Bruce Springsteen played to a sold-out crowd in Berlin's Olympic Stadium this week, singing mainly from his latest album 'Wrecking Ball' and speaking out about the tough economic times that have blighted Europe in the past few years, reports the UK's Daily Telegraph.
Speaking in fluent German, Springsteen told the 58,000 fans, "In America, a lot of people have lost their jobs.But also in Europe and in Berlin, times are tough.This song is for all those who are struggling", before crashing into 'Jack of All Trades', which includes the lyrics, "banker man grows fat, working man grows thin". As always, the Boss delivered a lengthy set clocking in at over three hours, though the financial crisis was clearly the subject of the evening. Berlin - largely a working class city - has been an important stop on Springsteen's touring schedule since his concert in July 1988, from the behind the old Iron Curtain in East Berlin. It was one of the biggest rock shows in the country's history, with some cultural historians citing it as a catalyst for the tearing down of the wall some 16 months later. Addressing the crowd on Wednesday evening (May 30, 2012), a pumped up Springsteen said, "Once in a while you play a place, a show that ends up staying inside of you, living with you for the rest of your life.East Berlin in 1988 was certainly one of them".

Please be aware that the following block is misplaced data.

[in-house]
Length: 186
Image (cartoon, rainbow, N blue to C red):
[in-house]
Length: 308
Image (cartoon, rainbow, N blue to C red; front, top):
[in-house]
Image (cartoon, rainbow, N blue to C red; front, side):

Clearly some of Springsteen's newest lyrics struck a chord with the gathered crowd in Berlin. In 'Shackled and Drawn', he sings, "Gambling man rolls the dice, working man pays the bill. It's still fat and easy up on banker's hill. Up on banker's hill the party's going strong, down here below we're shackled and drawn". The 'Wrecking Ball' tour runs for two-and-half-months featuring 33 stops in 15 different countries. It concludes in Helsinki on July 31, 2012.